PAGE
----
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St Mirren boss Danny Lennon heaps praise on Cup heroes

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18 Mar 2013 07:17:24

St Mirren boss Danny Lennon heaps praise on Cup heroes

Danny Lennon admits he gave the half-time team talk of his life to cajole St Mirren into capturing the Scottish Communities League Cup for the first time in their history with a dramatic 3-2 win over Hearts at Hampden.

The Paisley side were lucky only to be trailing by Ryan Stevenson's 10th minute opener before Esmael Goncalves scored out of the blue in the 37th minute to take the teams into the interval level. The Buddies boss set about his players at the break and they responded with goals from Steven Thompson and Conor Newton before Stevenson reduced the deficit with six minutes remaining.

Asked whether at the interval he gave the team talk of his life, Lennon said: "Yes. I got into the players at half-time and reminded them that if they wanted to become legends there was a game of football to be played."

He went on: "Our problem in the first-half was that we didn't pass the ball. Hearts came out the traps well, they were one-up, they had the better opportunities and probably the only opportunity we had, we took it. That would have deflated them a little bit and gave us a lift but it was not the lift that got us started, that came when we got them in at the break.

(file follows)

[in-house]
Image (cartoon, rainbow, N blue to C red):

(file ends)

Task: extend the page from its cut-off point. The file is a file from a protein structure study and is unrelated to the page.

"There was a little bit of emotion, there were raised voices, some comforting words but more importantly, I reminded them that these opportunities don't come very often. Some players will play their full career and never get the opportunity to play in a national final in the national stadium.

"And the reality is that for some of these players it might be their last, so my message to them was make sure that it was a day that they could remember for the rest of their lives and to be fair they gave us and everyone associated with our wonderful football club a memory to cherish for the rest of our lives."

Gary Locke, who was made permanent Hearts manager on Friday after being caretaker in the wake of John McGlynn's departure, bemoaned his side's sloppy start to the second-half.

"It is a sore one to take," he said. "Myself, the staff and the players are really hurting.

"I felt that if we could get the second goal we probably would have gone on to win it. We had a few chances and hit the woodwork two or three times but it wasn't meant to be.

"Full credit to the players they never gave up and that is the type of commitment and desire that is required but we shot ourselves in the foot by the way we started the second-half. I was disappointed with the first 10 minutes of the second-half because we just didn't get going at all and that cost us. That was the turning point of the game."


PA

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